Time for another long-disbanded group now – The Afghan Whigs. Another band that never really got the recognition they deserved, and singer Greg Dulli has continued in the same, soul-based furrow with The Twilight Singers. Tracks to mention here? The glorious soul-searching of Debonair, and the short, sharp, lust-drenched blast of Somethin' Hot. This version of Going to Town on David Letterman (and yes, it borrows from Stevie Wonder's Superstition) is also well-worth seeing.

Back to another band who seem to stagger between action and inaction – The Breeders. Kim Deal's band were initially formed as an outlet for her own output beyond Pixies, but found their own enduring fame thanks mainly to one cracking track: Cannonball.

One very much alive band is the wonderfully-named …And You Will Know Us By The Trail of Dead. I'll start here with their live version of Richter Scale Madness (the track they traditionally finish with, and trash the set at the end, seeing them banned from quite a number of venues since). This was the first song of theirs I ever heard, when buying their first (self-titled) album back in '98, and it's chaotic, formless sound is impenetrable at first. Stick with it, though, and it's brilliance soon shines through. First single off second album MadonnaMistakes and Regrets – has rather more melody and structure to it, but is no less impressive. They play the Leadmill on 20-August, too, so it will be interesting to see if they are still as good as before.

Ben Folds Five are no longer a going concern, but Ben Folds still plays the band's stuff as part of his solo set, as this live version of Underground from Manchester in January shows. The original video for Underground is pretty bloody strange, too.

I remember going to see this lot live back in November 1996, too. I was asked along by a friend, having only heard the aforementioned track to that point, to leave with a bloody great grin on my face. One of the most entertaining gigs I have ever seen, with a rather devoted fan-base even then. One last track to mention, too – One Angry Dwarf And 200 Solemn Faces, worth it alone for the clever lyrics, never mind the great tune and video!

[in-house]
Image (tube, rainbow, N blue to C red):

The Dandy Warhols are next, and again this takes me back quite a while. The summery shamble of Every Day Should Be A Holiday was the first track I heard, and I remember shelling out an awful lot at the time for an import copy of the album it came from. Sister Ray on Berwick Street in Soho used to be one of my favourite record shops of all, and the sheer amount of import stuff I got from there – particularly US.alt – was scary.

Of course, the follow-up single Not If You Were The Last Junkie On Earth was the one that really got them attention (and the truly bonkers video certainly helped), before a certain song later used on a Vodafone advert pushed them to even greater stardom…

Pavement kinda ended on a sombre note when they announced their split some time back, and despite the solo projects since they have never really been as popular as the band were. Probably their best period was around the release of Crooked Rain, Crooked Rain, which featured the singles Cut Your Hair (with it's hilarious video), and the more wistful Range Life. I saw them once at an NME Awards show in January 1997 – while drunk and stoned, after Mogwai had nearly deafened us, and they were in one of their somewhat 'difficult' moods, playing none of their well-known songs at all. At Reading two years later in '99 they were in more expansive mood, matching the summery feel of the weekend well.

For the final two bands, it's time for something more downbeat. Like Mazzy Star, and the dreamy, otherworldly beauty of Fade Into You. I think it was always Hope Sandoval's voice that won me over on their output. Best listened to late at night – it never really works during the day…

Final band is Godspeed You! Black Emperor. They never released videos as such – but there appears to be a whole host of "fan" videos for various songs. The best I have found is this one for The Dead Flag Blues. Also worth seeing (or seeing again) is the
the extraordinary use of East Hastings in 28 Days Later's most iconic sequence (the walk through a deserted London).

Lastly, two other honourable mentions for the acid-fried rock of The Flaming Lips She Don't Use Jelly, and Mercury Rev's Car Wash Hair

Leave a Reply